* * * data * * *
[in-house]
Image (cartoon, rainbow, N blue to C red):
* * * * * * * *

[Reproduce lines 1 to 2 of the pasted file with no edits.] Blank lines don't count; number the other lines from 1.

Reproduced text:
[in-house]
Image (cartoon, rainbow, N blue to C red):